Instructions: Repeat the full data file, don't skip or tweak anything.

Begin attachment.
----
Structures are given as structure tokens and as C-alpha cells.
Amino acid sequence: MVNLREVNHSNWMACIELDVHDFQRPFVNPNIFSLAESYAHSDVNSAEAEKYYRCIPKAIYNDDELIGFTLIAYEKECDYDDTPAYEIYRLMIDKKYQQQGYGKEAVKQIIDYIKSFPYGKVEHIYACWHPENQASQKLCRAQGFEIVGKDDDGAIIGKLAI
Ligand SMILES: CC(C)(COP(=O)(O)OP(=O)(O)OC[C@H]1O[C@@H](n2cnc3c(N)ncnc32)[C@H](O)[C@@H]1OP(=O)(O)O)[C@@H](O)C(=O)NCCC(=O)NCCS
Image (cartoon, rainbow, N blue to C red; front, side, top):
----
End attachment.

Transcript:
Structures are given as structure tokens and as C-alpha cells.
Amino acid sequence: MVNLREVNHSNWMACIELDVHDFQRPFVNPNIFSLAESYAHSDVNSAEAEKYYRCIPKAIYNDDELIGFTLIAYEKECDYDDTPAYEIYRLMIDKKYQQQGYGKEAVKQIIDYIKSFPYGKVEHIYACWHPENQASQKLCRAQGFEIVGKDDDGAIIGKLAI
Ligand SMILES: CC(C)(COP(=O)(O)OP(=O)(O)OC[C@H]1O[C@@H](n2cnc3c(N)ncnc32)[C@H](O)[C@@H]1OP(=O)(O)O)[C@@H](O)C(=O)NCCC(=O)NCCS
Image (cartoon, rainbow, N blue to C red; front, side, top):